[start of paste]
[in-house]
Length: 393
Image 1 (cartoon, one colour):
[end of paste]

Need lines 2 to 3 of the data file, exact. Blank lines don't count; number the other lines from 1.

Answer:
Length: 393
Image 1 (cartoon, one colour):